What Should Payson Drop On New Year's Eve?


Probably the image most associated with New Year's Eve is the big ball dropping in Times Square to herald the stroke of midnight and the onset of a new year.

Whether partying or staying at home, chances are most of us will gather around a TV and watch the ball drop once again on Sunday night. It's hard to imagine a New Year's Eve without it.

In other places around the country, less famous ball-drops are held, sometimes using a "ball" in the shape of an object that symbolizes or represents the particular town or area holding the celebration. Two that come readily to mind are the huge peach that is lowered at midnight in Atlanta, and, closer to home, the giant pine cone that descends in Flagstaff to signal the start of a new year.

Here in the Rim country, we'll once again have to watch the ball drop on TV, but the day will surely come when this area will be large enough to drop something of our very own on New Year's Eve.

Rather than get caught without an appropriate symbol, we figure it's time to begin the public debate. To do just that, here is our ...


10. Humongous Heart

We almost have to start here, since a lot of our tourism materials refer to the Rim country as "The Heart of Arizona." The obvious downside is that if our giant heart should slip as it's being lowered, we'd end up with one big broken heart and an even bigger public relations disaster. Who came up with that dumb slogan, anyway?

9. Giant Chicken Fried Steak

You are what you eat, they say. Well, according to an extremely unscientific study conducted in the area's many dining establishments by your correspondents, Payson is loaded with chicken fried steaks smothered in a semi-liquid substance which almost always resembles gravy. Sorta. If you stand back and squint your eyes really hard. Note: If this item is selected for the Big Drop, those who plan to witness the event in person should wear a raincoat, galoshes and a splash guard over their faces.

8. Killer Juniper Berry

Atlanta went for a monster peach for an obvious reason to push Georgia's leading crop. Our equivalent here in the Rim country, not counting horse poop (and we don't even want to go there), would have to be the lowly, humble juniper berry. Problem is, last time we looked the bottom had dropped out of the juniper berry market. Worthless might not be the image we want to convey either.

7. Mayor Ray Schum

We like Ray. Honest. We make this suggestion only because we're dying to hear his New Year's Eve address to "the folks in TV land" before he gets his stroke-of-12 shove off the top of Town Hall. And just remember: It won't be a popularity contest.

6. Enormous Water Droplet

You take the town water department's cute little rubber water droplet conservation character and blow that sucker up a gazillion-fold and you get the picture. In its favor as our New Year's symbol is the fact that Town Hall 2000 participants rated water their No. 1 concern. But what if some wag comes up with the notion that the water table is dropping before our very eyes. Another potential PR snafu.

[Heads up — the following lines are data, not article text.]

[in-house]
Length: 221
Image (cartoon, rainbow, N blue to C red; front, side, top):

5. The Guy Who Designed the Wal-Mart Parking Lot

We hate this guy. Honest. He almost certainly got his professional start by designing rat mazes. The only problem with this idea is that we'd need to build a really tall building to make sure he gets his just desserts.

4. Massive Smiley Face

Stadiums have sponsors. Bowl games have sponsors. Why not become the first community with a ball-drop sponsor? And if the Wal-Mart Supercenter towers above all others as the Rim country's greatest man-made landmark, then what better symbol than a giant, yellow, falling-price smiley face? What? You can't imagine the Rim country version of Dick Clark intoning, "4 ... 3 ... 2 ... 1 ... Happy New Year ... and it looks like prices have fallen once again at the Payson Supercenter!" What if we put a cowboy hat on the smiley face?

3. A Godzilla-sized Southwestern willow flycatcher

Rim country ranchers are all too familiar with this small, wren-like bird. Native to Mexico, it took up residence in the high deserts around Roosevelt Lake. There, its government-protected existence has helped to close down many cattle ranches where the land has been deemed by the U.S. Forest Service as a "potential (flycatcher) habitat" and, in at least one case, "a potential potential habitat."

2. Gargantuan Payson Concrete & Materials Cap

We are getting very close here, fellow Rimaroos. It's the ultimate status symbol/fashion statement in the Rim country. If you're anybody at all in these parts, you probably even have two one for everyday wear, and a clean one for dressier occasions. Best of all, it combines the corporate sponsorship concept with a local symbol that, we are told, is recognized even beyond the Rim country. What better way to tell the world, "Happy New Year," than with a gigantic version of that familiar green, yellow and white Rim country icon?

1. All Those Drivers and Pedestrians in the Wal-Mart Parking Lot Who Seem to Think They Exist in a Giant Protective Bubble

You run into them every day, almost literally. They think there are no road rules in parking lots. They all have blank looks on their faces, as if they're background extras in "Invasion of the Body Snatchers." Let's round 'em up, stuff 'em in a giant gunny sack and ... PLOP! From the same really tall building we construct for the guy who designed the parking lot.

Commenting has been disabled for this item.